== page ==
Data examined by the Getting It Right First Time (GIRFT) programme suggests that patients undergoing bladder tumour resection surgery as a day case have at least as good HES-reported outcomes as those having an overnight stay.
The findings have been published in the Journal of Clinical Urology following a study of 2017/18 data for all NHS transurethral resection of bladder tumour (TURBT) surgery. The study compared outcomes of day-case surgery alongside outcomes for patients who stayed more than one night in hospital for a TURBT procedure.
The study was undertaken by GIRFT’s senior research associate William K Gray, pictured left, working with GIRFT’s urology clinical lead Simon Harrison, pictured right, who authored GIRFT’s national report on urology services in England. They were supported by the programme’s Chief Information Officer Jamie Day, and GIRFT chair Professor Tim Briggs.
They found that of the 19,387 TURBT procedures carried out across 143 NHS trusts in England, just 17.9% were performed as day-case surgery. There was significant variation across NHS trusts with regard to the percentage of patients who underwent a TURBT procedure as day-case surgery. Of the 128 trusts that performed more than ten procedures during 2017/18 almost one third performed 90% of TURBT procedures with an overnight stay.
At a trust level, there was no association between day-case surgery rates and outcomes. Yet at a patient level, outcomes were significantly better for those undergoing day-case surgery after adjustment for the effects of age, gender, frailty and comorbidity.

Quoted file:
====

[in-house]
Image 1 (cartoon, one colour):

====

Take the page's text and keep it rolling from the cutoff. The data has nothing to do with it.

The study supports GIRFT’s recommendation, published in its urology national report in July 2018, to increase day surgery rates in line with the view of the British Association of Day Surgery (BADS) that trusts could be more ambitious in delivering TURBT procedures as day surgery.
TURBT is one of the procedures which BADS includes in a category of operations that could be conducted as day surgery in up to 60% of cases. Historically, many urologists have regarded the BADS assessment of day surgery opportunities as somewhat aspirational. However, the GIRFT national report takes the view that it is reasonable for trusts to aim to meet such a target, given that the BADS recommendations are based on day case rates that are already being achieved by 5% of UK trusts.
The TURBT study acknowledges that many patients will be deemed clinically unsuitable for day-case surgery, but concludes that the extensive variation in rates of day surgery suggests greater scope for increasing the use of day-case surgery for TURBT with evidence to suggest that hospital readmission and mortality rates for patients undergoing TURBT as day-case surgery are at least as good as for those who have an overnight stay.
The Journal of Clinical Urology is the official publication of the British Association of Urological Surgeons. Members can read the study Transurethral resection of bladder tumour as a day-case surgery: Evidence of effectiveness from the UK Getting it Right First Time (GIRFT) programme at: https://www.baus.org.uk/about/journals/jcu.aspx
To read the GIRFT Urology National Report click here